NEWTON GROVE — With a goal of earning the highest honor in the Boy Scouts organization, Luke Williams wants to add something special to Weeks Park.
The 14-year-old freshman from Midway High School plans to build a batting cage for residents and athletes in the town. Williams made a presentation to the Newton Grove Board of Commissioners during a Monday meeting to begin working towards the Eagle Scout ranking — the top achievement.
It was one of four ideas brought to the board by the Boy Scout, who is a member of Troop 55. The others were an amphitheater, and renovations for either the basketball or tennis courts. Williams requested feedback from the commissioners after talking about the town’s history and attractions.
“We have a diverse population and we can all come together at Weeks Park,” Williams said while bringing up memories of sunrise services on Easter morning, Fourth of July celebrations, movie nights and other events.
A walking trail, gazebo, grills, playground, picnic areas and baseball fields are some of the park’s features. Williams hopes to add another with the batting cage, near the existing basketball court.
“It’s always important for players to loosen up and hit something before their game,” Williams said.
The tennis court was the most expensive project on the list and would take a lot of time to complete. Board members agreed that the court, a $70,000 estimate, would be too much of an undertaking. Williams has a one-year timeline to finish a project. The estimate for the batting project is about $5,000. Town Clerk Amanda Turner said the batting cages would probably more useful for the town.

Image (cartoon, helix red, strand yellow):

“I’ve asked a lot of people what they would like to see and most of it revolves around the baseball field,” Turner said.
Some of the suggestions Turner heard included a speaker system to hear players names announced and even the cages.
“I think the batting cages would be a really good thing,” she said.
Commissioner Gary Mac Herring said the Tennis Court project would be very ambitious and is much needed, but doubts if the town could provide financial assistance towards the project right now. Town officials recently approved $79,000 for new playground equipment.
Other commissioner agreed that the cages is the best option.
“It would certainly be an asset to our park,” Commissioner Teresa Wilson said.
Mayor Gerald Darden said the town could probably provide financial assistance during a new budget period which begins July 1, 2018. Williams said work will begin next year and he’s required to present the project to the Eagle Board of Review for approval.
When asked about his top choices, Williams said his personal top two were the batting cages and the amphitheater, which would be used for events such as pageants.
“Considering the amount it would get used, I think the batting cages are the way to go,” he said. “It would be used the most.”
During the presentation, Darden and commissioners applauded him for his effort to improve the park, which included a focus of the courts and amphitheater idea.
“Maybe eventually, when I’m a little older, I can step into some of that stuff and help out,” Williams said.